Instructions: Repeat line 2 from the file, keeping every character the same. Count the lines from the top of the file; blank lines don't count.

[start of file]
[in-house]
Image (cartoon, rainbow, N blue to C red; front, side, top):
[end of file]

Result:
Image (cartoon, rainbow, N blue to C red; front, side, top):